The Merciless Ones
- Author: Namina Forna
- Genre: YA Fantasy
- Publication Date: May 31, 2022
- Publisher: Delacorte Press
- Series: Deathless #2
Thank you to NetGalley and Delacorte Press for providing me with an ARC of this book in exchange for an honest review.
CONTENT WARNING: torture, violence, blood, trauma, gore, misogyny, mention of homophobia, mention of ableism, death of a parent, grief
Fans of The Gilded Ones and Children of Blood and Bone will love the second book in an epic fantasy series about a girl who is the key to saving the empire–or its greatest threat.
It’s been six months since Deka has freed the goddesses and discovered who she really is. There are now wars waging across the kingdom. Otereans now think jatu are traitors to the nation. Deka is called a monster.
But the real battle has only just begun and Deka must lead the charge. Deka is tasked with freeing the rest of the goddesses. Only as she begins to free them, she begins to see a strange symbol everywhere in places of worship and worn on armor. There’s something unnatural about that symbol; just looking at it makes Deka lose her senses. Even worse, it seems to repel her powers. She can’t command or communicate with the new deathshrieks. In fact, she can’t even understand them when they speak.
Deka knows freeing the goddesses is just the beginning. She can tell whatever dark force out is powerful and there is something sinister out there threatening the kingdom connected to that symbol–something merciless–that her army will need to stop before humanity crumbles. But Deka’s powers are only getting stronger…and her strongest weapon could be herself.
I remember being in love with the first book in this series, The Gilded Ones, and being thrilled about getting approved for the next book. But since it’s been a while since I read it, I borrowed the audiobook from my library to refresh myself. And it got me just as psyched for this book as I was after finishing the first one originally. I seriously needed this book, after having a string of low-star reads, and I truly hoped this would be a great one. Fortunately, my guess was right, and it was absolutely outstanding.
After the tumultuous events of book 1, which ended on a cliffhanger of epic proportions, I was ready to find out what happens next. Forna didn’t let me down a single bit in this book, keeping the pace fast, the action furious, and unexpected plot twists at every turn. I never knew what to expect next, and I found myself getting emotional at so many parts.
For me, I need a good plot to enjoy a book, but equally important is characters that I feel bonded to. And boy, did I feel bonded to Deka and her found family in this story. Of course, there are some villains that I loved to hate, but I shifted my views on certain characters immensely in this story. Deka, Britta, Keita, Belcalis, the rest of the uruni (male counterparts to the female warriors, or alaki), and especially Ixa were standout characters, along with White Hands.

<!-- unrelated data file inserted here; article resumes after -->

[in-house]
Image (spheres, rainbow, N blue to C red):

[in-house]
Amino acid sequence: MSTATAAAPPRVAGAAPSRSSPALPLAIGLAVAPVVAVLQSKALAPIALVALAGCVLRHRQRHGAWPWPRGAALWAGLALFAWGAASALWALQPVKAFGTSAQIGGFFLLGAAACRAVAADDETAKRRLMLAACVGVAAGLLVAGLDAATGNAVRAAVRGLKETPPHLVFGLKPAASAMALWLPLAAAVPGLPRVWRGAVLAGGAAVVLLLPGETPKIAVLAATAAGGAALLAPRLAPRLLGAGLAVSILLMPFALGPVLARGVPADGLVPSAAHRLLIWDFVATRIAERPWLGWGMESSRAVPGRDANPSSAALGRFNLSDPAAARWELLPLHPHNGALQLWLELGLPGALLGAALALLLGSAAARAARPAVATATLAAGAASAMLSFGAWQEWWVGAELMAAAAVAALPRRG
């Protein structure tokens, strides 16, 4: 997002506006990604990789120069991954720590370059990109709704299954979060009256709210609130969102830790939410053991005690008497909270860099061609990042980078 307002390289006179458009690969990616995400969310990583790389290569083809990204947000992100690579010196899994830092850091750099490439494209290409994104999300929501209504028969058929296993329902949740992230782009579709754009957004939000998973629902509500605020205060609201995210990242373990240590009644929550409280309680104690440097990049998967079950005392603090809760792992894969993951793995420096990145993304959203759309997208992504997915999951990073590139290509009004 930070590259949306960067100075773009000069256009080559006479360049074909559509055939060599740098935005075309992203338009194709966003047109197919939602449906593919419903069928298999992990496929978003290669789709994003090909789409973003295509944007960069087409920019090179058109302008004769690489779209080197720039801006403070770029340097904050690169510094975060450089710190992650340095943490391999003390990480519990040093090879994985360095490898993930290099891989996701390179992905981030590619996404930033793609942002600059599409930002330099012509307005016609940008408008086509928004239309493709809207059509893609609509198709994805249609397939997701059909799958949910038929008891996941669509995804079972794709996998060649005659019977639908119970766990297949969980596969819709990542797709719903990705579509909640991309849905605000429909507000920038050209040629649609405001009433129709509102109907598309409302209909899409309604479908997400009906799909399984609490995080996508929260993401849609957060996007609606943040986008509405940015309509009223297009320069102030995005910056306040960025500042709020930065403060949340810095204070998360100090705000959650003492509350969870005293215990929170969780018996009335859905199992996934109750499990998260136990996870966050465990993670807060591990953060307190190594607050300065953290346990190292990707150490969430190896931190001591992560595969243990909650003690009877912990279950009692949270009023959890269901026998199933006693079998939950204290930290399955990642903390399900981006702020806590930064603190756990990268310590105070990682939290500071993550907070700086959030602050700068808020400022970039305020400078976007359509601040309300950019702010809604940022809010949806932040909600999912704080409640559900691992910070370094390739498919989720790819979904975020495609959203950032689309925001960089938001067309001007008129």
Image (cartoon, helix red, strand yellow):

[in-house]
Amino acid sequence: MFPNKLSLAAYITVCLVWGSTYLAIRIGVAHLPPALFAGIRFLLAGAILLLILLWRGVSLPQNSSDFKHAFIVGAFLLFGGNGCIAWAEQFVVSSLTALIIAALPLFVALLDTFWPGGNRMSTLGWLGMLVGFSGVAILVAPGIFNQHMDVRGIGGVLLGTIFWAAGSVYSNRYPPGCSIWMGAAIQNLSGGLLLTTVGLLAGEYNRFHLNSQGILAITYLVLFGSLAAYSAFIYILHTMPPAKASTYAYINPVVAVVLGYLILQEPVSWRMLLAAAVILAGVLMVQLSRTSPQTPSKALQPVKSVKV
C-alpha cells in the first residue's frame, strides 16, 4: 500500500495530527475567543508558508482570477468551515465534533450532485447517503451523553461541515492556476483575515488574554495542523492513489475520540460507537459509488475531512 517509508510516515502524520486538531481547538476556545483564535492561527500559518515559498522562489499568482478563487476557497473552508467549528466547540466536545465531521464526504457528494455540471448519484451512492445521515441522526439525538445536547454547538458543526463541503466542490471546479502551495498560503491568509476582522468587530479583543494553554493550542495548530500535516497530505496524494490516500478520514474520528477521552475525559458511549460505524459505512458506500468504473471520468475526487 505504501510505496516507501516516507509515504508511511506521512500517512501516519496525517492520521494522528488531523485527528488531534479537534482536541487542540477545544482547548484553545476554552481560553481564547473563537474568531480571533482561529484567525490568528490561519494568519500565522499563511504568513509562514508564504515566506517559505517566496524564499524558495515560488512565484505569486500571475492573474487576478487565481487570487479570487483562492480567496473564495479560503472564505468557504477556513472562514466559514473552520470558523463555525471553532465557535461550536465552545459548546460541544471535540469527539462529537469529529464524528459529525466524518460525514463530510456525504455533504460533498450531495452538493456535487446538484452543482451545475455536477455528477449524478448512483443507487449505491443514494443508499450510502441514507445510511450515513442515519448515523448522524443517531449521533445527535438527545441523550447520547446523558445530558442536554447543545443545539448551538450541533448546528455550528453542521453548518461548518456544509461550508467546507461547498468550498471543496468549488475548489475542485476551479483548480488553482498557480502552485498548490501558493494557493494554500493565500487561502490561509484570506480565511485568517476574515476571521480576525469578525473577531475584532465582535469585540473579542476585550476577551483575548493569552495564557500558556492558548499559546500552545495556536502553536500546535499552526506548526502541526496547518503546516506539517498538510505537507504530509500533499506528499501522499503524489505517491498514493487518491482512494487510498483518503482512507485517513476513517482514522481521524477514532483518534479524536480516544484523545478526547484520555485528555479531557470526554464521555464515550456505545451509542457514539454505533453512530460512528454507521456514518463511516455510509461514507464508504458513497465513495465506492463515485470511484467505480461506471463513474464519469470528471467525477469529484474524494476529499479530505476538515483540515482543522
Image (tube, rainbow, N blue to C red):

Deka goes through a major journey of self-discovery and becoming stronger and confident in this book. She solidifies her relationships with the people around her, even as they are changing. And it isn’t just Deka who does so — the other characters aren’t just in there to be there, but each of them serves a true purpose, and the story wouldn’t be nearly as impactful if even one of them was gone. The connection between Britta and Deka is one of my favorites that I’ve seen in a while, although each of the other relationships was incredibly good as well. Belcalis is probably the most intriguing character to me, since she’s so closed off, yet the people around her understand her at a deep level.
There’s so much great representation in this story. The story is set in a very well-developed world, and there are people of all shapes, sizes, and colors in the story. And while there are people who are queer represented in book 1, this book also focuses on including trans and non-binary characters, who are known as yandaus—neither male or female. The society in which they grew up isn’t friendly to LGBTQ people, with gay males receiving the brunt of consequences, while lesbian or bisexual women are frowned upon, but not viewed as much of a threat. Keep in mind, this is a society that actively works to oppress and subjugate women as much as possible.
Each and every character goes through so much, both physically, emotionally, and mentally, but probably Deka most of all, as she uncovers her true destiny and works to save all the people around her. She discovers that she has even more powers, and explores how it sets her apart from the people she’s closest to, as well as how they adapt to these changes.
I am on the edge of my seat waiting for the third book to come out, and this one isn’t even released yet! I love everything about this series — the character development, the world building, and most importantly, the unpredictable plot. This has quickly become one of my favorite series.
People who have sat around with me while I’m reading, especially when there’s a surprising reveal, a shocking plot twist, or an unexpected event often look up in alarm when I gasp audibly. The gasp factor is directly related to the number of times I audibly gasp during a reading, and there isn’t an upper limit.
Gasp Factor: 9
Categories: Book Review